The political world reacted with appropriate astonishment to the amazing New York Times op-ed in which a senior Trump administration official, writing under the cloak of anonymity, excoriated the president for “half-baked, ill-informed and occasionally reckless decisions” that are “detrimental to the health of our republic.” Supporters of President Trump indignantly harrumphed that the charges were a calumny. Opponents defended them as fair and accurate.
The only thing the two sides agreed on, it seems, is that the author, who has been dubbed Deep State Throat, is a coward. So said White House press secretary Sarah Huckabee Sanders. And so said Rep. Ted Lieu (D.-Calif.), one of Trump’s most eloquent critics in Congress. This might be the only thing that Sanders and Lieu, in fact, agree upon.
I’m not so sure.
Of course, writing without revealing one’s name is hardly the most courageous act an administration official could take – but then neither were the actions of the original Deep Throat, the FBI’s Mark Felt, who spoke anonymously to Bob Woodward during Watergate. Just on Tuesday I argued, based on the revelations in Woodward’s latest tome, that it’s time to invoke the 25th Amendment and remove the president from office. It would be nice if Deep State Throat were part of such an effort. But the reality is, I’m not really sure what to do about Trump. No one is, because we are in uncharted waters.
Even before the submission of special counsel Robert S. Mueller III’s report, we are arguably in a more perilous position than we were in during the last days of President Richard M. Nixon. Nixon’s aides recognized that he was amoral and possibly deranged, and they plotted to prevent him from abusing his powers. But at least no one could doubt that Nixon had the intellectual capacity to be president. Not so with Trump.
Those around him have concluded – as made clear not only by Woodward and Deep State Throat but also by chroniclers as disparate as Michael Wolff and Omarosa Manigault Newman — that Trump is both morally and intellectually unfit for the job. His own aides have reportedly called Trump a “liar” (lawyer John Dowd), a “moron” (then-Secretary of State Rex Tillerson), an “idiot” and “unhinged” (White House Chief of Staff John F. Kelly) and “dumb” (then-economic adviser Gary Cohn), and have likened him to a “fifth- or sixth-grader” (Defense Secretary Jim Mattis). Trump’s unhinged reaction to the anonymous op-ed — he thinks it’s “TREASON” to criticize him — only confirms those withering judgments.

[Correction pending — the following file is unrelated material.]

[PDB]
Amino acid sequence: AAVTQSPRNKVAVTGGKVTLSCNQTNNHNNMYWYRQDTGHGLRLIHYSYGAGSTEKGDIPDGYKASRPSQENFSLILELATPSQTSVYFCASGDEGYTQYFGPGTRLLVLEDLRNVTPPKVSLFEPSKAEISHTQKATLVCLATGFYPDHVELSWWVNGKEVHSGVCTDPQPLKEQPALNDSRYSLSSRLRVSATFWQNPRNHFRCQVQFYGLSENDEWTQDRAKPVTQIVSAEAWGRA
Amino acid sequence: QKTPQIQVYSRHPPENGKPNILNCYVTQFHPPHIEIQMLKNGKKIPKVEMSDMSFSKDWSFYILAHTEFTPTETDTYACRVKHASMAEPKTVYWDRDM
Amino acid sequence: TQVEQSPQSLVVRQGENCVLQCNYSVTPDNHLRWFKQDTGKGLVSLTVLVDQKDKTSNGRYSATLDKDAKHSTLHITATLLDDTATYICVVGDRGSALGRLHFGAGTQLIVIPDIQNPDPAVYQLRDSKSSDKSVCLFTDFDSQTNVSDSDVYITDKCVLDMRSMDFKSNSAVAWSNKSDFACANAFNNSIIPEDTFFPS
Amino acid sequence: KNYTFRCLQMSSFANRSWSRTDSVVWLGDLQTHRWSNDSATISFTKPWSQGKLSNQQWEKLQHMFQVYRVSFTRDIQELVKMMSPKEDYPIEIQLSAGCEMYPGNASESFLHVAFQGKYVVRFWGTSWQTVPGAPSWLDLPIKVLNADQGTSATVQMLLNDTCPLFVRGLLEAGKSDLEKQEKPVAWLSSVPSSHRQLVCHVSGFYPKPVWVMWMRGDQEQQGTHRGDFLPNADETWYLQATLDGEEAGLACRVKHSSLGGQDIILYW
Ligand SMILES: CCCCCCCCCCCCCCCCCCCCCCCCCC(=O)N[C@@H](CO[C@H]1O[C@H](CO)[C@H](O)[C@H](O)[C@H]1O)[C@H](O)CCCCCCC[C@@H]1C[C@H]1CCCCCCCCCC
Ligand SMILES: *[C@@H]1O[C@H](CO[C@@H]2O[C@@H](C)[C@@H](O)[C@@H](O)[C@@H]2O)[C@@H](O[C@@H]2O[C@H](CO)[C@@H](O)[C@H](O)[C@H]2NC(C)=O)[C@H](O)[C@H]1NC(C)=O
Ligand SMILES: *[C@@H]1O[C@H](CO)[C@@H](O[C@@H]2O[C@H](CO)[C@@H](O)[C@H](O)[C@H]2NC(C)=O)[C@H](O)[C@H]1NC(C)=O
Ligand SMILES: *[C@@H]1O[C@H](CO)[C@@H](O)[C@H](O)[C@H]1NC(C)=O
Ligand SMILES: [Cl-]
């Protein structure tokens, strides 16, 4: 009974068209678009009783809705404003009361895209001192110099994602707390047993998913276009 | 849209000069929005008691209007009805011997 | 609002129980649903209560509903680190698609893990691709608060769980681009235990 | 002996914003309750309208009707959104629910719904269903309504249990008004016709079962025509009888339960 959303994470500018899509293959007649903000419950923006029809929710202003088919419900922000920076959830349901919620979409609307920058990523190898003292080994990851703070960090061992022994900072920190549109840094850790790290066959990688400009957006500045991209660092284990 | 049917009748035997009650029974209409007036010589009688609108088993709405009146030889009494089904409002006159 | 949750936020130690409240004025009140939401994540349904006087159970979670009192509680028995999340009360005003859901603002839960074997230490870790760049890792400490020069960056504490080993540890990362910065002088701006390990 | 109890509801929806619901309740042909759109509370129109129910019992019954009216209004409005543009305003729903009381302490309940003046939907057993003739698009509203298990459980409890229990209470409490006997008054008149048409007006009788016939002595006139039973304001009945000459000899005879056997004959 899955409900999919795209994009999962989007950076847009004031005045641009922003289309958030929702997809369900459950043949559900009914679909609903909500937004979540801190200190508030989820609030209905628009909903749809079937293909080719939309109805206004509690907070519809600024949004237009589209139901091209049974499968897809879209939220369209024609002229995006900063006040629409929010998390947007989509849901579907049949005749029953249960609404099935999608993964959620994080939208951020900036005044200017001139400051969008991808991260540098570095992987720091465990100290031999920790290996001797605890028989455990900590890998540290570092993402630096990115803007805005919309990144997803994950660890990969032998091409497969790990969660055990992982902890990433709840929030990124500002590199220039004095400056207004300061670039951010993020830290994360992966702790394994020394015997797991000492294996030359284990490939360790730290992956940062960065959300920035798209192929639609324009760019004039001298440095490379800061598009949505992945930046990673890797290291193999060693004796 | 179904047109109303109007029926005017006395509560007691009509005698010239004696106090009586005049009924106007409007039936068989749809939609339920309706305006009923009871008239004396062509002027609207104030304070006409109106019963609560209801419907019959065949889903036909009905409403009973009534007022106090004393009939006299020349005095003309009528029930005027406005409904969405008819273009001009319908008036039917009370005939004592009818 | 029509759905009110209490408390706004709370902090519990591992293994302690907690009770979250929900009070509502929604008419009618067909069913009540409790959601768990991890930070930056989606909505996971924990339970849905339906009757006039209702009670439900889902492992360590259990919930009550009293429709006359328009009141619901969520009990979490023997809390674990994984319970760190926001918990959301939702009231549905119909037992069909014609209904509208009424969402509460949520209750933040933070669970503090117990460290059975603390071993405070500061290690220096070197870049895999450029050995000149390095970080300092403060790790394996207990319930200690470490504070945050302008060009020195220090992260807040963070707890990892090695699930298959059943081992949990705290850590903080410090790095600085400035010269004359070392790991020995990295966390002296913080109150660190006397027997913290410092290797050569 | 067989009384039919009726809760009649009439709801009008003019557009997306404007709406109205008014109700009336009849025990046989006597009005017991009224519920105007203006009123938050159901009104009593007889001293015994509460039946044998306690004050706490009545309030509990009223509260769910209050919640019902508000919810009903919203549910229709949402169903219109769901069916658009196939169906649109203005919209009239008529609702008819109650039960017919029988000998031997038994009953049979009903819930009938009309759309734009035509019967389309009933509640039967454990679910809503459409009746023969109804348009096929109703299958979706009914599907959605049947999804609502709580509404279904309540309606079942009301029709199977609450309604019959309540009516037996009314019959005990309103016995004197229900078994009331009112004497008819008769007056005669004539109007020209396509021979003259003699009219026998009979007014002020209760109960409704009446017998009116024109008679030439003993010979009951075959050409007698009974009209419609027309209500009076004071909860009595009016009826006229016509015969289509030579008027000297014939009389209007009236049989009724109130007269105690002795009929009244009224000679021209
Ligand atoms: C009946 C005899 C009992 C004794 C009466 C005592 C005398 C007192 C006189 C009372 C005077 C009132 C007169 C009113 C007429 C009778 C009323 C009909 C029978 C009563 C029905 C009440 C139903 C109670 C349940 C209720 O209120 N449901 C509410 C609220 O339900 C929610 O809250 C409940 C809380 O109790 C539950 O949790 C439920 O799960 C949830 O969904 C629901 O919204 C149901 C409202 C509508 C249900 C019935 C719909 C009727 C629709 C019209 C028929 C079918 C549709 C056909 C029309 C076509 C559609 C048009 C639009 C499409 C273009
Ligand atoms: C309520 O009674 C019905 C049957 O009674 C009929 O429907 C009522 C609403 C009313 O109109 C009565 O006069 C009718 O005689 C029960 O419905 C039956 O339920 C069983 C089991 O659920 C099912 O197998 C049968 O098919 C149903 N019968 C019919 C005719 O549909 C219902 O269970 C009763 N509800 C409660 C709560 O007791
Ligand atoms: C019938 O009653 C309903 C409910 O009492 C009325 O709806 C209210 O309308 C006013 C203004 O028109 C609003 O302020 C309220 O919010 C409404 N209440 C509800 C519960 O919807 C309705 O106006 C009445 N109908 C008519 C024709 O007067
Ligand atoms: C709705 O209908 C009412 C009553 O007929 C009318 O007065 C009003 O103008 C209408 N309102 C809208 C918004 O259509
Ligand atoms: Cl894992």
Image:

In a parliamentary system, getting rid of such a terrible leader would be relatively easy: Simply call a vote of confidence in Parliament or within the party caucus. But in our presidential system it’s not so easy. Impeachment requires a majority of the House and two-thirds of the Senate. Removal via the 25th Amendment, if it is challenged by the president, requires two-thirds of both house. Given how craven Republicans are toward a president who still commands the loyalty of their base, if no one else, it is impossible to imagine getting the votes from the current Congress that would be necessary to remove Trump.
So what are well-meaning public officials supposed to do? Intelligent and honorable people can and do disagree.
After Trump’s disastrous performance in Helsinki, the Post’s deputy editorial page editor Ruth Marcus wrote: “Everyone who works for President Trump: Quit now. Save your souls. Save your honor, such as it is. Save your reputation, such as it remains. … Really, administration officials, what good are you doing, for yourselves or your country, by sticking around for this?” I thought she made a great case.
But then editorial page editor Fred Hiatt replied in an article titled “Please, Dan Coats. Don’t Resign.” His argument: “Things could get worse still. A lot worse. And that argues for the ‘adults’ staying as long as they can manage to do so.” I thought he also made a great point.
I considered weighing in with an article of my own, but I couldn’t figure out which side was more compelling. I still can’t. And, I suspect, well-meaning administration officials face the same dilemma.
Trump’s aides can plausibly tell themselves that they are serving the republic by trying to rein in the president’s reckless impulses even if they don’t always succeed. As Woodward details, those officials have prevented a lot of mischief — from planning a military strike against North Korea to an assassination of Syrian President Bashar al-Assad. But administration critics can also plausibly claim that disgruntled insiders could have a bigger impact by going public, trying to invoke the 25th Amendment, arguing for impeachment or simply advocating a vote for Democrats in November.
The Times op-ed writer apparently is trying to have it both ways by speaking out publicly while still trying to stymie the president in private. Perhaps that’s not a tenable approach, but I am willing to cut some slack to anyone in a position of power who is working to save America from the most reckless, corrupt and unqualified president in our history. We don’t know how best to resist this demagogue, so a little humility is in order. The only people who should come in for withering scorn are all the Republicans in Washington who are cynically acting as Trump’s enablers even though they understand just how dangerous and destructive he is.